Let's say for example that I have two functions with random code inside and also that based on the user's system (slow, medium, or fast) there is no way to tell how long the two functions will take to complete, so the use of
setTimeout is not practical when trying to fire
function2 only after
function1 is complete.
How can you use
jQuery.deferred to make
function2 fire only after
function1 no matter what the time requirements are, and considering that both functions are 100% non-jQuery functions with no jQuery code inside them and therefore completely un-observable by jQuery? At the very most, the functions might include jQuery methods like
.css() which do not have a time association and can run slower on old computers.
How do I assure that
function2 is not executing at the same time as
function1 if I call them like this:
$.deferred? Any other answers besides those regarding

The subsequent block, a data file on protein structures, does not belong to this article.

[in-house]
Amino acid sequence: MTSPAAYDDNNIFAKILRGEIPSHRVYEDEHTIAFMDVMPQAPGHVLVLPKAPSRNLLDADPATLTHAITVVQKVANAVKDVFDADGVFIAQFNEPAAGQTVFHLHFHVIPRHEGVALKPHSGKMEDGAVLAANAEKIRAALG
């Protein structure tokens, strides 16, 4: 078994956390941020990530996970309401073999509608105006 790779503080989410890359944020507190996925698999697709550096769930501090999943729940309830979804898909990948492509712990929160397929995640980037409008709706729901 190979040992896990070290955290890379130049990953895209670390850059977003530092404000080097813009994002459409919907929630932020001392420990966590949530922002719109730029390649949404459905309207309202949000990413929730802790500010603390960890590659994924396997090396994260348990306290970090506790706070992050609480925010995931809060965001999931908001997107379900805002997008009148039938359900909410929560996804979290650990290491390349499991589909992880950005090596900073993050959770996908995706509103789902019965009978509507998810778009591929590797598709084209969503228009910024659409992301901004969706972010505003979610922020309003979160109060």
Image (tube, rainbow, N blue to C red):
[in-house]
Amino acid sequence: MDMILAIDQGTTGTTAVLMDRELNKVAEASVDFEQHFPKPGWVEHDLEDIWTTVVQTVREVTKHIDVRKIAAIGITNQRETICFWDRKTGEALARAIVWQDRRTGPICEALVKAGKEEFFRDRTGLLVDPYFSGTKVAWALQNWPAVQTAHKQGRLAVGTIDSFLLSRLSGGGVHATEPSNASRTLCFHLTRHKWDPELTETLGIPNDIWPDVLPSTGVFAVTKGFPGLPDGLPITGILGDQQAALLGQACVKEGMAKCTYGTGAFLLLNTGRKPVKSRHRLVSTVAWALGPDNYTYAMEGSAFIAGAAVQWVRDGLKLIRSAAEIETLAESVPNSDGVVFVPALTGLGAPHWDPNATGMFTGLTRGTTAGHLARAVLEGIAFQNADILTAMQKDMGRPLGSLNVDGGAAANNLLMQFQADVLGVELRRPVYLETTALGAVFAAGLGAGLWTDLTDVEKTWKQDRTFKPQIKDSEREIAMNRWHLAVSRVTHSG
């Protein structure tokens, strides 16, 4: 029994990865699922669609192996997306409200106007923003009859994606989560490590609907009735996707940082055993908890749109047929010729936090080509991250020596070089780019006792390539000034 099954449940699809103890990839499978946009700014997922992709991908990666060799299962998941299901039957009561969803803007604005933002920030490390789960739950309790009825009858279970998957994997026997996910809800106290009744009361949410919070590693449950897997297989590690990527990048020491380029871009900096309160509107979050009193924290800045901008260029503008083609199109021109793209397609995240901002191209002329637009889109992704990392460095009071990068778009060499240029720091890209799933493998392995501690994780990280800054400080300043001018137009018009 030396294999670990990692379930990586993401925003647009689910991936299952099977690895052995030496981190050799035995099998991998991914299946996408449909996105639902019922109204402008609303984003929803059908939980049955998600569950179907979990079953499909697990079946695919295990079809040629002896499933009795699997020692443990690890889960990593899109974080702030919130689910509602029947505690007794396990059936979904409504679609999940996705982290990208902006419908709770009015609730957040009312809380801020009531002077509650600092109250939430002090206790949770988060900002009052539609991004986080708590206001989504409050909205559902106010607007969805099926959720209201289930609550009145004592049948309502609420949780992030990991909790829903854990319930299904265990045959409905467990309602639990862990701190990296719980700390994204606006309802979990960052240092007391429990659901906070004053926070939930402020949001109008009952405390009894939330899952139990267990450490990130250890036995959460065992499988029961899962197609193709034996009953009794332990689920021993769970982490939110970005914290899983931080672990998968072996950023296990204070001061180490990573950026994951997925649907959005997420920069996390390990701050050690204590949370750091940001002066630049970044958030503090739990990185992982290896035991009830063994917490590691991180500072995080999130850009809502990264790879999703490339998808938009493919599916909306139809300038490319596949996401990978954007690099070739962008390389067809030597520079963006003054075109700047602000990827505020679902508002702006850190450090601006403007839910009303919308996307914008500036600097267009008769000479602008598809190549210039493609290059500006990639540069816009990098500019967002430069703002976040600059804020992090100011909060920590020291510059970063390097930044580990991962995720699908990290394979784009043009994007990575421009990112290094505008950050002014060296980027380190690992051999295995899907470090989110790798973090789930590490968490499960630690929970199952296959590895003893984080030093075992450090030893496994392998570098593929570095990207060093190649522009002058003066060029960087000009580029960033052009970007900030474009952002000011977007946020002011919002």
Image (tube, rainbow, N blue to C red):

$.deferred are also welcome!
ADDED March 20: What if function1() is a lambda function where, depending on user input, the function may or may not have asynchronous calls and it is not possible to tell how many operations the function will do? It'd be a function where you wouldn't have any clue as to what would happen next, but no matter what, you'd still want function2 to execute only after everything from the lambda function (function1) is done, no matter how long it takes but as long as the asynchronous aspects are completed. How can this be achieved?
ADDED March 22: So I guess the only way to do what I'm asking is to pass anonymous functions as callbacks to asynchromous functions that execute the callbacks after they are done, or to create event listeners that will do execute what you want when the event is finally triggered.
There's not really any way to just execute to asynchronous calls on two seperate lines and have them fire in order without manually constructing mechanisms (event handlers) within the frame containing the said functions to handle the actual execution of their actions.
A good example of these types of mechanisms would be jQuery's
.queue() method and
The answers below along with reading up on jQuery's API on
.queue()ing and using
$.Deferred helped clarify this.
Tgr gave a great example below on how to create custom chainable functions using jQuery's
$.Deferred object, and the custom functions themselves don't necessarily have to have any jQuery code inside them, which is exactly what I was looking for.